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Training / Education

Introduction to Commercial and Off-Road Vehicle Cooling Airflow Systems

2024-09-12
Vehicle functional requirements, emission regulations, and thermal limits all have a direct impact on the design of a powertrain cooling airflow system. Given the expected increase in emission-related heat rejection, suppliers and vehicle manufacturers must work together as partners in the design, selection, and packaging of cooling system components. The goal of this two-day course is to introduce engineers and managers to the basic principles of cooling airflow systems for commercial and off-road vehicles.
Technical Paper

Numerical Investigation of Injection and Mixture Formation in Hydrogen Combustion Engines by Means of Different 3D-CFD Simulation Approaches

2024-07-02
2024-01-3007
Increasingly stringent regulations relating to the emissions of passenger cars and commercial vehicles demand alternative powertrain technologies in order to effectively achieve the climate targets. Hydrogen can play a crucial role as alternative energy carrier regarding the EU targets for CO2-neutral mobility towards 2050. Therefore, it represents a reasonable choice not only for fuel cell powered vehicles, but also for fueling internal combustion engines (ICE). This paper focuses on the numerical investigation of high-pressure hydrogen injection and the mixture formation inside a high-tumble ICE with a conventional liquid fuel injector for passenger cars. Since the traditional 3D-CFD approach of simulating the inner flow of an injector requires a very high spatial and temporal resolution, the enormous computational effort, especially for full engine simulations, is a big challenge for an effective virtual development of modern ICEs.
Technical Paper

Supercharger Boosting on H2 ICE for Heavy Duty applications

2024-07-02
2024-01-3006
Commercial vehicle powertrain is called to respect a challenging roadmap for CO2 emissions reduction, quite complex to achieve just improving technologies currently on the market. In this perspective alternative solutions are taking interest, and the use of green H2 as fuel for ICE is considered a high potential solution with fast and easy adoption. To assure the required low engine out NOx emission to fulfill future legislations the engine should be operated with lean air fuel rations all over the engine map. A challenge following this strategy is to supply sufficient boost pressure for sufficient air mass flow rate to target same power output as the diesel engine. At the same time the transient response improvement is the key to keep NOx emission low also during transient engine operation. The analysis presented in this paper will show and quantify the positive impact that a supercharger has on both the above mentions problems.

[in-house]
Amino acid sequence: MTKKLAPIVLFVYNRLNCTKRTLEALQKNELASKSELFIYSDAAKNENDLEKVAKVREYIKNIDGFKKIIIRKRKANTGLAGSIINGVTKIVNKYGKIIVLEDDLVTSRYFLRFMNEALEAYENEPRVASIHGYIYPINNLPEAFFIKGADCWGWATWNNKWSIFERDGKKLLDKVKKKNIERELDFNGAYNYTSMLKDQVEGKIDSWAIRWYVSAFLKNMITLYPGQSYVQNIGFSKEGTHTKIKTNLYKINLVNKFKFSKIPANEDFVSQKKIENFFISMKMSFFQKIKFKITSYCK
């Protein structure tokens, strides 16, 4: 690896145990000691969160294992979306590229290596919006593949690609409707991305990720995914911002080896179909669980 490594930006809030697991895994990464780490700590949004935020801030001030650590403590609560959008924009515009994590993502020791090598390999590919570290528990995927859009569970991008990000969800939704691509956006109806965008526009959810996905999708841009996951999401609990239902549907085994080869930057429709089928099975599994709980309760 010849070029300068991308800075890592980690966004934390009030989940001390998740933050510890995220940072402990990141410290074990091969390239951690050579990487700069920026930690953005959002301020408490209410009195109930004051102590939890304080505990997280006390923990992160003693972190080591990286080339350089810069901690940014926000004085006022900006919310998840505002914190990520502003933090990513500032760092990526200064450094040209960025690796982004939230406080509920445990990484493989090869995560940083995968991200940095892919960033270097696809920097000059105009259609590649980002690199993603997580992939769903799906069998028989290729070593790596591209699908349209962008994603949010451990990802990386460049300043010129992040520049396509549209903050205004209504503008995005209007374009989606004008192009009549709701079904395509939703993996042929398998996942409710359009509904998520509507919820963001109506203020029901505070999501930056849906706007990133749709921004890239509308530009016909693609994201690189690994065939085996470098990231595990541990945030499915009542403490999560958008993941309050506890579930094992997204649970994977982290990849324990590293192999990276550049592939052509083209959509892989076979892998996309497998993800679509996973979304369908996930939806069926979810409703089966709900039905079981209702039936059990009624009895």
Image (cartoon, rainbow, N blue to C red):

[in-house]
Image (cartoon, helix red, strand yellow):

Technical Paper

The 3D-CFD Contribution to H2 Engine Development for CV and Off-Road Application

2024-07-02
2024-01-3017
The hydrogen engine is one of the promising technologies that enables carbon-neutral mobility, especially in heavy-duty on- or off-road applications. In this paper, a methodological procedure for the design of the combustion system of a hydrogen-fueled, direct injection spark ignited commercial vehicle engine is described. In a preliminary step, the ability of the commercial 3D computational fluid dynamics (CFD) code AVL FIRE classic to reproduce the characteristics of the gas jet, introduced into a quiescent environment by a dedicated H2 injector, is established. This is based on two parts: Temporal and numerical discretization sensitivity analyses ensure that the spatial and temporal resolution of the simulations is adequate, and comparisons to a comprehensive set of experiments demonstrate the accuracy of the simulations. The measurements used for this purpose rely on the well-known schlieren technique and use helium as a safe substitute for H2.
Technical Paper

Turbocharging system selection for a hydrogen-fuelled spark-ignition internal combustion engine for heavy-duty applications

2024-07-02
2024-01-3019
Nowadays, green hydrogen can play a crucial role in a successful clean energy transition, thus reaching net zero emissions in the transport sector. Moreover, hydrogen exploitation in internal combustion engines is favoured by its suitable combustion properties and quasi-zero harmful emissions. High flame speeds enable a lean combustion approach, which provides high efficiency and reduces NOx emissions. However, high air flow rates are required to achieve the load levels typical of heavy-duty applications. In this framework, the present study aims to investigate the required boosting system of a 6-cylinder, 13-liter heavy-duty spark ignition engine through 1D numerical simulation. A comparison among various architectures of the turbocharging system and the size of each component is presented, thus highlighting limitations and potentialities of each architecture and providing important insights for the selection of the best turbocharging system.